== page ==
Study finds U.S. students, regardless of race, prefer teachers of color over white ones

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  • Lourdes Carmona, a Spanish speaking first grade teacher, instructs a class at Birdwell Elementary School in Tyler, Texas.

A majority of middle and high school students in the U.S. have more favorable perceptions of black and Hispanic teachers than of white ones, a new study suggests.

The study, conducted by New York University in six U.S. school districts across the country, analyzed more than 50,000 sixth to ninth graders from 2009 to 2010, and 1,680 educators.

Students were evaluated on their perceptions of teachers on the so-called “7Cs” – challenge, classroom management, care, confer, captivate, clarify, and consolidate – measuring the kid’s feelings about how they were treated, and how engaged they were in course material.

Among other things, the students said that Latino and black teachers are have higher standards and are more relatable to students.

“In virtually all models, Latino teachers are more positively perceived by students across the seven outcome measures,” the report says. “Students perceive black teachers more than their white peers to hold students to high academic standards and support their efforts, to help them organize content, and to explain clearly ideas and concepts and provide useful feedback,” wrote the authors of the study, which was published earlier this week on Educational Researcher.

The rub is that only 17 percent of teachers in the workforce are black, Latino or Asian-American.

In Boston, for example, there is just one Hispanic teacher for every 52 Latino students, and one black teacher for every 22 African-American students, according to a blog in the New York Times. The ratio of white teachers to white students: one to fewer than three.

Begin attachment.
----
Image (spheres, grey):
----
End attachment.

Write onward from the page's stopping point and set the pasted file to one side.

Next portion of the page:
In New York City, where more than 85 percent of the students are racial minorities, 60 percent of the teachers are white.

“If you’re a black teacher, you understand you’re not in the mainstream and you know how to navigate the world essentially embodying an identity that is sometimes highly stigmatized,” Cherng told the Huffington Post.

He said that in middle school “kids are struggling with their own identities and how to come to terms with their own difference and development. I think these middle school teachers can use their own identities and experience to bridge that relationship with all types of students.”

Cherng taught at a middle school himself that was almost 100 percent black. Cherng is Chinese-American. He said that thanks to his own experience he found it easy to talk to his students about race.

“One of the kids was like, ‘You don’t actually know what it’s like to be us, but you understand what it’s like to be different, so you know that you’re different, and we’re different, and that’s enough,’” Cherng recalled to the Huffington Post.

The reason for the preferences, the NYU study surmises, is that Latino and black teachers are more multi-culturally aware than their white peers, leading to better classroom environments.

Minority teachers are better able to translate their experiences and identities to form rapports with students, even though they may not share the same race or ethnicity.

“A diverse teacher workforce isn’t just a nicety—it’s a real contributor to better outcomes in our schools, workplaces, and communities,” Secretary of Education John B. King Jr. said in a recent Department of Education report. “It’s important for students of color to have role models who look like them and share common experiences.”